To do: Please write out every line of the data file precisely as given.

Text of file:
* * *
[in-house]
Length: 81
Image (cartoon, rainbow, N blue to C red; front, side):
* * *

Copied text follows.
[in-house]
Length: 81
Image (cartoon, rainbow, N blue to C red; front, side):